IT’S EXHAUSTING! Keeping up with three very resourceful artists at the same time for a Q&A session. Three of the creative arts' liveliest talents. First, Josie Demuth; a prolific author and the founding editor of La Bouche Zine. Second, Jason Gibilaro; a contemporaneous artist and the cover artist of Josie Demuth's new book; Liggers and Dreamers. And our third musketeer is illustrator extraordinaire Ian Wright whose visual art work has spanned four decades.
Unusual combinations often produce the most interesting read, as you’ll see in this article. Now, we are gathered in the basement of the famed unconventional Vout-O-Reenees Art Club and gallery The Stash, to share their unique insights on preparing for their major test yet, of their life’s work and more importantly to talk about Demuth’s manic short story book titled Liggers & Dreamers; Tales from the London Art Scene. To complement, and celebrate, the book launch, there is an exhibition of Liggers and Dreamers art by Jason Gibilaro, and Ian Wright’s photos from his collection of Arts Herbert’s on show at The Stash Gallery. Josie Demuth’s new book is innovative with no time for baloney. She goes for the jugular. A very tongue in cheek, tickling and fiercely observed manuscript on an extraordinary scale about liggers (derrière -licking persons) and dreamers (groupies & sycophants) of the London art world. A well written story on how they make their way through London’s elite art scene as well as the ruthless behaviour of a gang of intriguing and flamboyant personalities, as they diligently make their way all around London’s most fashionable gallery private views and bashes for the sole purpose of freeloading on champagne, decent wine and canapés “like a flock of seagulls”. Josie alleges that there are these individuals, “uninvited freeloading party goers”; for who it’s the art of being seen and accepted at art exhibitions rather than a passion for the often hollow modern art on show.
Demuth said: “We are having the unveiling of Liggers & Dreamers on a Friday so that all the liggers can come, after all there wouldn’t be a book and exhibition without them”. In harmony with Demuth, the proprietor of Vout-O-Reenees Art Club Sophie Parkin affirmed: “I will be making extra canapés knowing how Liggers swoop in on any free food and drinks”. Liggers & Dreamers is a fascinating work of creative writing by someone with tremendous imagination. However, some very identifiable famous individuals from the worlds of music and art also make an appearance in the novel. J. D. disputes strongly that any similarity is thoroughly accidental. Yeah right! We believe you Josie Demuth. Also, there’s a wry, shrewd narrative to her story that throws-up constant parallels with pale imitation celebrities and thespians, who regularly gate crash occasions for that chance to take a selfie and share via social media to prove that they have arrived...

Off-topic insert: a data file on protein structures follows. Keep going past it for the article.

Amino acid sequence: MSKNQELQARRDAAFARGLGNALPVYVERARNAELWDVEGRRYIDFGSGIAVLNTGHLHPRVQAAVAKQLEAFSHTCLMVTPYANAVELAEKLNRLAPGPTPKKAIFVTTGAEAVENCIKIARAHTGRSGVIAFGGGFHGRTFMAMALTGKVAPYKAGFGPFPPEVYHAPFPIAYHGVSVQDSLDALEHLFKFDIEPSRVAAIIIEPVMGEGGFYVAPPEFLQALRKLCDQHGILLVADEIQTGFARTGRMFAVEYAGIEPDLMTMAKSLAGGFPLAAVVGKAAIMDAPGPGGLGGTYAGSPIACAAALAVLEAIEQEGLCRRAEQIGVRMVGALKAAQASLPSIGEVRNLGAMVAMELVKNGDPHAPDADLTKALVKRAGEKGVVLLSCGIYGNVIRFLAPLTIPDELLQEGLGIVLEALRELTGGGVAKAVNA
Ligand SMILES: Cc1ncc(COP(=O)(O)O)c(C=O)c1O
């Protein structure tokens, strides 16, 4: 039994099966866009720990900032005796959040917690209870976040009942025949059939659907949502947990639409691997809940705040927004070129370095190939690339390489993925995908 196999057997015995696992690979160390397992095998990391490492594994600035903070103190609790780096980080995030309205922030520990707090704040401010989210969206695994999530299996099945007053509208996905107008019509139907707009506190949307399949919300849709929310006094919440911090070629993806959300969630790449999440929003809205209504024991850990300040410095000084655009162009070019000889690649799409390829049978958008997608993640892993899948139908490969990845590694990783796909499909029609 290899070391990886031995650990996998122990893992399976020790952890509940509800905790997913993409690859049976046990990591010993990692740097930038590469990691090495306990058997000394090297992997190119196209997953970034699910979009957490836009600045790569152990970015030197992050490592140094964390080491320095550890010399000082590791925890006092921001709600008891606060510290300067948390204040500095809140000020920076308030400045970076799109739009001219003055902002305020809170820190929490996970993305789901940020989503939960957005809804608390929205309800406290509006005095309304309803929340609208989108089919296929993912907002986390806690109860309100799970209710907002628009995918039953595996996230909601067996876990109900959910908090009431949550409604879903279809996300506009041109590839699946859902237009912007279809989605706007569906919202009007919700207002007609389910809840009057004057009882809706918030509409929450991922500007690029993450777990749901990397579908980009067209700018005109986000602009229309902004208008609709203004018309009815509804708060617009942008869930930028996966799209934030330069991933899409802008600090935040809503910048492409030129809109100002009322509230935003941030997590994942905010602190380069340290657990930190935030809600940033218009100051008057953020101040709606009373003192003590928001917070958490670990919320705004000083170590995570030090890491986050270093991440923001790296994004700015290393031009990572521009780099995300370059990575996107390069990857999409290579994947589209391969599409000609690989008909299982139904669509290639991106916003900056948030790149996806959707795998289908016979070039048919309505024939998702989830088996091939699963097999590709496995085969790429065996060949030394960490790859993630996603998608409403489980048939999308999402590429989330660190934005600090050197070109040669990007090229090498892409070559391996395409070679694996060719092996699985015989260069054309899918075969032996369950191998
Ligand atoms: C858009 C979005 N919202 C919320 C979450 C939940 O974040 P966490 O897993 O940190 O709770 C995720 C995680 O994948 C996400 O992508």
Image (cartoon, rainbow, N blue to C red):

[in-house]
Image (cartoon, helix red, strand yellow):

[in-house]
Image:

Now welcome to the discussion with the three musketeers – oh yes, artists.
This is a very audacious and highly speculative book with some mischievous narrative, which could easily attract extreme dislike towards you. Why was it important that you write this book?
Josie Demuth: Whoa! That is severe. It is not an attack on freedom of expression. It is important for me to write this novel because it focuses on some very interesting characters. And being somebody that has been gallery hopping myself in the last few years, I found these characters to be very worthy of note in the gallery world. I felt and believe they must be documented. I initially started by writing short stories about them in The International Times, then when the list got produced in Cork Street gallery in a covert operation to blacklist these liggers – I thought right away this will be a great narrative for a novel. And my novel only focuses on about a dozen liggers for now. There are a lot more characters that I might report on in another book. A ligger is a freeloader. They go to parties and functions or corporate events with the view of getting freebies. I think everybody loves a freebie. But then again, liggers come in categories; there are some mild liggers and there are chronic liggers and there’re some arch liggers too. In my book you will find all sorts. And yeah, there are those who do gallery hopping that have substance, no doubt about that. So I don’t see how anyone would direct any hate towards me.